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Grand Isle Democrat from West Coast warns against safe injection sites

By Guy Page

A California resident and self-professed Democrat from Grand Isle told Front Porch Forum readers she worries about the impact of ‘safe injection sites’ on local businesses.

Grand Isle-Chittenden Rep. Josie Leavitt (D-Grand Isle) is a co-sponsor of H72, the safe injection site bill approved by the House of Representatives last week. The comments below appeared in community discussion of a post she published in the January 16 FPF.

“If you think that small businesses are having a hard time getting people to come and patronize their stores here on the island or anywhere else in Vermont you just wait until you’ve got a bunch of people with substance use disorder running around being coddled by these safe injection sites (which is exactly what happened in Oregon),” Bianca DeValeria wrote.

“There was recently in the New York Times an article which talked extensively about how the substance use disorder population has boomed since safe injection sites were started, since drug use was no longer being criminalized, and confirmed the horrors that people were witnessing there. The detrimental effect that it had on small businesses who had closed their doors because nobody wants to pay to shop while there are people performing oral sex on each other and shooting up right outside (disgusting, but a reality in Oregon since the decriminalization of drugs and safe injection sites were put into place).”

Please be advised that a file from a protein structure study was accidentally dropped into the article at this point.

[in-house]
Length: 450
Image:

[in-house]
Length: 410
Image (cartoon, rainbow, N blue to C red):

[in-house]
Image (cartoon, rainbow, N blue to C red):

Portland, Oregon has ‘harm reduction centers’ offering needle exchanges, Narcan and other services for drug users – but as yet does not allow injection inside, according to media reports.

Supporters of H72 say safe injection sites reduce overdoses. Opponents say they normalize opioid drug use, prevent police and child services workers from intervening with teen drug users, violate federal law, and open the door to decriminalization of fentanyl, heroin and other ‘hard’ drugs.

The original draft of H72 called for a drug decriminalization study. The bill passed in the House last week is now in the Vermont Senate.


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